There is often a glut of used vehicles on the market after a heavy rainstorm and/or flood. Sometimes they are from the local area, sometimes out-of-state dealers send them here. Used car buyers need to be extra vigilant in these situations because very often the vehicles will have water-damage. Many times the seller is up-front about this, but other times, they are not. It is up to the purchaser to determine which is which.

Autotrader has posted some excellent tips for sniffing out (so to speak) flood-damaged vehicles. Naturally, you can’t take the car apart piece by piece, but there are some warning signs you can look for:

  • Check under the vehicle’s carpets or floor covering for mud or rust, and don’t forget the trunk.
  • Give the underside of the carpets a sniff test. Do they smell like mildew?
  • Mud and debris collect in hard-to-clean spaces, such as under the hood and in the trunk.
  • Rust on the heads of any exposed screws under the hood, around the doors or in the trunk indicates exposure to excess moisture.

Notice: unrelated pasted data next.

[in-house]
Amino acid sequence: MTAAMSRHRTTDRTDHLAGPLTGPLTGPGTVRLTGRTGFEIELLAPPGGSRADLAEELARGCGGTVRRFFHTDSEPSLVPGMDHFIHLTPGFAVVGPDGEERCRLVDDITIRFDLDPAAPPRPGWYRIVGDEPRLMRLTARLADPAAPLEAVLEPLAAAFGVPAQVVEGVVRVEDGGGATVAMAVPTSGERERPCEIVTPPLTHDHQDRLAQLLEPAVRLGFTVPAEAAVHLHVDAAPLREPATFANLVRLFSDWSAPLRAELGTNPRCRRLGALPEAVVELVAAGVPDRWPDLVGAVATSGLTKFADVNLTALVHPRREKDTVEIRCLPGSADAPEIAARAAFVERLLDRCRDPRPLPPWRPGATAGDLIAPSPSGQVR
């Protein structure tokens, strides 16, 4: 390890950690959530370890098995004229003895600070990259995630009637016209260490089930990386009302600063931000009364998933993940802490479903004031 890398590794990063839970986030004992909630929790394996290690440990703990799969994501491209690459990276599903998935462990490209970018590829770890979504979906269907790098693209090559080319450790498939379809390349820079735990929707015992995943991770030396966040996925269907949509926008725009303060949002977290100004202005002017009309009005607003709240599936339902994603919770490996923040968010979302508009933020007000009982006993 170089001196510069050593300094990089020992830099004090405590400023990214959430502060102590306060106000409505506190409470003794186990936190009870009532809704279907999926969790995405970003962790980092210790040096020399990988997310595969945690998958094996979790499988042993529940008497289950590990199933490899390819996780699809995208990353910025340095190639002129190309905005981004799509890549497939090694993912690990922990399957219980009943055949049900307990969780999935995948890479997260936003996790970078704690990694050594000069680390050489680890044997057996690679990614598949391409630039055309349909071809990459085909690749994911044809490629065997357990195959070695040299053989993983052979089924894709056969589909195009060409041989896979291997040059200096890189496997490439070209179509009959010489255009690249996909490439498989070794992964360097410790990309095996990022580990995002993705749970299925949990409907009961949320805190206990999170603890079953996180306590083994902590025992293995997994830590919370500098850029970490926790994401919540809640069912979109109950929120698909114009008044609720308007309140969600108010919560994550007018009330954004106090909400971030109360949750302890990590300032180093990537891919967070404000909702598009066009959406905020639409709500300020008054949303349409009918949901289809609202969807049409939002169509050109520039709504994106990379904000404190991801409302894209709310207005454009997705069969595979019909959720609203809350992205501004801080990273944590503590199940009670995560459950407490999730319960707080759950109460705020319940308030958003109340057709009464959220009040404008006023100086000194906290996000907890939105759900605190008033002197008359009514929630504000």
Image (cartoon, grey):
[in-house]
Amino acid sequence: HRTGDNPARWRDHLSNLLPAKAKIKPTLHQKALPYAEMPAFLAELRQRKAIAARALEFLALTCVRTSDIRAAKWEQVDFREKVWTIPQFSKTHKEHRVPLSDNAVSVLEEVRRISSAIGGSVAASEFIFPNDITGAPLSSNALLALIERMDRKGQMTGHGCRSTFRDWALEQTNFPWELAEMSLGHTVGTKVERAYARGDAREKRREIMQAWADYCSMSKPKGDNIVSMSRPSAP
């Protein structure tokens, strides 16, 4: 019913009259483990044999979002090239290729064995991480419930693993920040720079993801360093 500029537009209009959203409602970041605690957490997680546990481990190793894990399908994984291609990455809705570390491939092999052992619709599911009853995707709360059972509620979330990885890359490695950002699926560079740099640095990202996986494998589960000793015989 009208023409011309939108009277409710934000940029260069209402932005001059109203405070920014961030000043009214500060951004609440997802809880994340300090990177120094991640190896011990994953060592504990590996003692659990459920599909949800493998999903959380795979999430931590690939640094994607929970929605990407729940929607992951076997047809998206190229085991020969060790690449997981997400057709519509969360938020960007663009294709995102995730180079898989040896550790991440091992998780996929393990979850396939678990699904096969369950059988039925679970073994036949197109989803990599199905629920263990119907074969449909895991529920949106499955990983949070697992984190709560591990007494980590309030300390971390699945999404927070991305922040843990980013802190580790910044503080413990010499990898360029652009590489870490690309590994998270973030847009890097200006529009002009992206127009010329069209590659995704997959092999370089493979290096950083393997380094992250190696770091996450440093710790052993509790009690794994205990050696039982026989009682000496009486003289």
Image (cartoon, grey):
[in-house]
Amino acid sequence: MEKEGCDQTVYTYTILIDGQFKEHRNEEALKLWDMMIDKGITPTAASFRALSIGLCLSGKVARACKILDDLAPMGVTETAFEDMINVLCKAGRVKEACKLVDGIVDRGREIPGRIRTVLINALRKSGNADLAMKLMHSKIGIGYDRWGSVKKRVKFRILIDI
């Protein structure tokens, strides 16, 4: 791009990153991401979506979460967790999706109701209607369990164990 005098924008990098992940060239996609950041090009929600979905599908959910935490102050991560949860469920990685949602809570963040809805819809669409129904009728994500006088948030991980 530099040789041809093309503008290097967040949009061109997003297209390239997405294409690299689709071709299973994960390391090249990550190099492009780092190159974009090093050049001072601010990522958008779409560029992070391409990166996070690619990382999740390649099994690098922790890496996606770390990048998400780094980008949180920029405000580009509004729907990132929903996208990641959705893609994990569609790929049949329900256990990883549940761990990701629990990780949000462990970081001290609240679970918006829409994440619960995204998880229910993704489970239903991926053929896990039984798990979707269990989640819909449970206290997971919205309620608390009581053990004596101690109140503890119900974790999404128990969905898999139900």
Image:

• Mud and debris on the underside of panels and brackets is another good sign the car has been under water.
  • If you suspect you are looking at a flood-damaged vehicle, the smart move is to just walk away. If the deal seems too good to be true, it probably is. The alternative is to spring for the cost of having a mechanic give it the once over.

You can also do yourself a favor should your own vehicle incur damage due to flooding. Be sure a duplicate vehicle registration and insurance card — with the company’s claims number — are in a safe place. You may also want to take photos of your vehicle’s interior and exterior to compare with any damage that may occur.

Your insurance professional is an excellent resource for advising you what other steps you can take to protect your investment.